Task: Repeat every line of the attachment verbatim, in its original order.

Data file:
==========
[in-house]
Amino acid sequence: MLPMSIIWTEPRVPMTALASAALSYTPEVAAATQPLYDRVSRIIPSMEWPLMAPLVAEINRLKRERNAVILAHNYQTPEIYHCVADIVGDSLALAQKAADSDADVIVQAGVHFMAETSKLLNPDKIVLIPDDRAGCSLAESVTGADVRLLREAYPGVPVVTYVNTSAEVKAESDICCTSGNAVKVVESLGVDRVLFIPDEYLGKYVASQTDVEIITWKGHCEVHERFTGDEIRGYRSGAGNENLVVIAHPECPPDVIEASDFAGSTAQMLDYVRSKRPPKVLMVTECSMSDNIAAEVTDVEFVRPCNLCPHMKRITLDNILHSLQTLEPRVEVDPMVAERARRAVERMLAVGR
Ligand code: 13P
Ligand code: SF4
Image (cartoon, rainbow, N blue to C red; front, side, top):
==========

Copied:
[in-house]
Amino acid sequence: MLPMSIIWTEPRVPMTALASAALSYTPEVAAATQPLYDRVSRIIPSMEWPLMAPLVAEINRLKRERNAVILAHNYQTPEIYHCVADIVGDSLALAQKAADSDADVIVQAGVHFMAETSKLLNPDKIVLIPDDRAGCSLAESVTGADVRLLREAYPGVPVVTYVNTSAEVKAESDICCTSGNAVKVVESLGVDRVLFIPDEYLGKYVASQTDVEIITWKGHCEVHERFTGDEIRGYRSGAGNENLVVIAHPECPPDVIEASDFAGSTAQMLDYVRSKRPPKVLMVTECSMSDNIAAEVTDVEFVRPCNLCPHMKRITLDNILHSLQTLEPRVEVDPMVAERARRAVERMLAVGR
Ligand code: 13P
Ligand code: SF4
Image (cartoon, rainbow, N blue to C red; front, side, top):